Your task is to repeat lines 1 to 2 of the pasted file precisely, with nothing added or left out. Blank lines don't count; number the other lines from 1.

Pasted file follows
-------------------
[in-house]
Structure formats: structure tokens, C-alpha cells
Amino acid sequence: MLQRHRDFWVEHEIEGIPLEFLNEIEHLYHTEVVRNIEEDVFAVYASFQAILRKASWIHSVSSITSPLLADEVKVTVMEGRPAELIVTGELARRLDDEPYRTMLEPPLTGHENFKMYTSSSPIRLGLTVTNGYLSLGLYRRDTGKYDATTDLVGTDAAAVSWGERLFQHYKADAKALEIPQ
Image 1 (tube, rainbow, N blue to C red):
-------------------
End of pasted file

[in-house]
Structure formats: structure tokens, C-alpha cells